You said that my classmates had informed you that we two would recite “obscene” poetry and that we talked to each other in signs and allusions. By “obscene” poetry you meant what were very clear verses by Rumi. You said either I had to leave school or he did. 

You asked me which kid in my class had done my eyebrows. Had Julie brought pictures of her family party to school? Had she shown me the pictures? By “Julie” you meant my most jovial classmate, a pretty and kind girl that we all loved. I involuntarily said “yes, ma’am,” and I still feel guilty even after 30 years. I felt guilty even four years ago when, after searching and searching and with much difficulty, I found Julie in a German city and traveled there to meet her.

She owned a charming and beautiful restaurant with lit candles that promised life. She entertained me at the best table in her restaurant and I told her the whole story. She embraced me and said: “It no longer matters at all. What matters that in spite of that horrifying resolution to deny us joy, we survived, we grew strong and now we are together, laughing.” She told me you expelled her from school using ordinary family snapshots as an excuse, snapshots very similar to ones that my son Rayan now sticks to a poster he has made of his family.

Little Trembling Hands

Later Julie told me that, in order to continue her education and to receive her diploma, she had been forced to move to a nearby town. The incident had turned her life upside down, like an earthquake. And perhaps you do not remember one noon on one of those long, hot early summer days, in those bleak years of war and shortages in that forsaken town near the frontline, when every day there were rumors that the Iraqis were at the gates, the same town that never witnessed our childhood happiness. You had lined up us outside the school’s office, waiting for our parents, so that you could expel their “bastard” and “harlot” daughters who had dared to sing and chant together at their desks after the exam. Do you remember our tears? Do you remember us begging? Do you remember our little hands trembling when we had to sign commitment letters because we were afraid that our fathers would scold us or that we would be put to shame if we were expelled from school?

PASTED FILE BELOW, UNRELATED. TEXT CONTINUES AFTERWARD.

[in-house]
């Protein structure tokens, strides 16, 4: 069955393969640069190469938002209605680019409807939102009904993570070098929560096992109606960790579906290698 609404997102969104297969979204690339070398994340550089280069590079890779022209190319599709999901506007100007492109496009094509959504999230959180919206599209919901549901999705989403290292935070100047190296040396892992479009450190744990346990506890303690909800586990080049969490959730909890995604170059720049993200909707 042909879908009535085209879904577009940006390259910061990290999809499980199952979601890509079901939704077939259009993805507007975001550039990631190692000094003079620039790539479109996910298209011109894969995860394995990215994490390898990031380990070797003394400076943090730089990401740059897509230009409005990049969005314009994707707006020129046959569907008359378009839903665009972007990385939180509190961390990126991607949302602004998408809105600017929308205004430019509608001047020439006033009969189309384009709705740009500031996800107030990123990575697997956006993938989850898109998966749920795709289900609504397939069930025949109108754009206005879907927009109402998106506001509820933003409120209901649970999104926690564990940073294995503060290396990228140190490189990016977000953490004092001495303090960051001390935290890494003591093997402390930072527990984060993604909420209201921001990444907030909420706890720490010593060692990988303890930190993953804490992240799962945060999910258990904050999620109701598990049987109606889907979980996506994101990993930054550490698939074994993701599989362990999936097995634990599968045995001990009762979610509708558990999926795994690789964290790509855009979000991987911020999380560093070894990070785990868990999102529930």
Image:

Perhaps you find me an ungrateful student. It has been 30 years since I last saw you, and I must confess that in all these years I have not forgotten you. One day when the traffic warden was absent and Ms. Benadom took the “Stop” sign and jumped into the middle of the street to stop cars so that her students could cross to the other side, I was reminded of your haughtiness and airs. Just saying hello to you took a good amount of courage. Nobody could guess what went behind that face of stone. Did you ever smile? For example, in your home with your children? Did you like us at all? Did you see us at all? In all these years I have never forgotten your resolute and angry gaze. I always felt I was engaged in an unequal fight. I can still see you from the corner of my eyes in my nightmares, ready to tear each and every one of us apart. I do not believe you can remember any of those trembling little fingers signing the commitment letters, or that you reprimanded us when all we wanted was for life to stop and for you to be kind to us for just a few seconds.

Perhaps now you have many letters of recommendation and acclaim from the education bureaus of this or that district hanging on your walls — the “Model Principal” — and you do not remember our letters of repentance. 

But, in my nightmares, I continue to write them: “I, Mahrokh Gholamhosseinpour, born 1973, grade 2A of Bent-ol-Hoda High School, swear that I will refrain from bringing to school banned items such as mirrors, combs, lipsticks, pictures of actresses, postcards, soap and perfume. If the violation is repeated, the honorable management of school has the authority to deal with me as it deems appropriate, or it can send my case to the regional Bureau of Education for its decision.”